* Approximate times around the spring and summer of 326 have been proposed by various authors based on the very vague allusions of ancient sources. This author argues that numismatic evidence permits a more precise triangulation. Constantine in 326 journeyed from his new capital in the east to Rome: an imperial mint traveled with him, striking coins as it went — and some of those coins show Crispus. His presence on coins from various stops of this journey indicates that Crispus must have been alive as the procession reached Rome on July 21, 326, but the Caesar vanishes from them, and from history, immediately thereafter.

** The History of Rome Podcast narrates this period, with Constantine’s rise into political relevance in episode 130.

† The Tetrarchy was still tetrarching along pending Constantine’s victory over all: the system featured separate senior emperors East and West each dignified Augustus, and each Augustus had a junior fellow-emperor and heir titled Caesar. Constantine was Augustus of the West, and Crispus was a Caesar.

‡ Fausta tends to get somewhat shorter shrift than her putative lover. Crispus’s presence in the literary culture would appear to make him the namesake of the Boston American Revolution martyr Crispus Attucks. African-descended men in North America often carried Roman names, though “Crispus” was by no means a common one.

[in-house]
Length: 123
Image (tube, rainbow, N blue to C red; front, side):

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Entry Filed under: Ancient,Arts and Literature,Capital Punishment,Death Penalty,Execution,History,Italy,Notably Survived By,Put to the Sword,Roman Empire,Royalty,Scandal,Sex,Soldiers,Uncertain Dates,Women,Wrongful Executions

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1680: The wife of Abdullah Celebi, and her Jewish lover

Add comment June 28th, 2016 Headsman